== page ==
{¶ 18} 9. On the PTD application, relator indicated that he was currently receiving social security disability benefits which started in April 2012.

         {¶ 19} 10. On October 3, 2012, at the request of Cooper Tire, relator was examined by neurologist Gerald S. Steiman, M.D. In his five-page narrative report dated October 7, 2012, Dr. Steiman opined:

Mr. Reichley's history, medical record review, and physical exam provide credible evidence he is now at the point where he is unable to perform his prior job activity without restrictions. Clearly, he is able to return to a sedentary job activity but I do not believe he would be able to perform three hours of walking and two hours of standing. A job activity should be one in which he sits most of the day with intermittent and occasional standing and short distance walking. For longer distances a cart would be necessary.

         {¶ 20} 11. On November 6, 2012, at the commission's request, relator was examined by Donato J. Borrillo, M.D. In his seven-page narrative report dated November 8, 2012, Dr. Borrillo opined:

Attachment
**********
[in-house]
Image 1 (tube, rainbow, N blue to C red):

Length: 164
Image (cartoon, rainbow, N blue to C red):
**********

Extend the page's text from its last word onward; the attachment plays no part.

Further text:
Mr. Reichley is extremely motivated and admirably ambitious, having returned to work after a significant traumatic injury and having retired in 2011.
Notwithstanding his retirement from the workforce, Mr. Reichley is capable of sedentary duty. His lumbar condition prevents [him] from lifting greater than this amount, and he requires ADA access for his Loftstrand crutch use and AFO use. Furthermore, because of his back injury and incomplete paraplegia, he is unable to bend, crawl, climb, walk on uneven surfaces, or kneel safely. He requires a sit or stand option.

         {¶ 21} On a form captioned "Physical Strength Rating, " Dr. Borrillo indicated by his mark that relator is capable of "sedentary work."

         {¶ 22} Under "[f]urther limitations, " in the space provided, Dr. Borrillo wrote in his own hand: "ADA access [with] crutch use."

         {¶ 23} 12. At the request of Cooper Tire, Al Walker, a certified vocational evaluation specialist, prepared a document captioned "Vocational Assessment and Transferrable Skills Analysis Report."

         {¶ 24} In his 16-page report dated January 14, 2013, Walker concluded: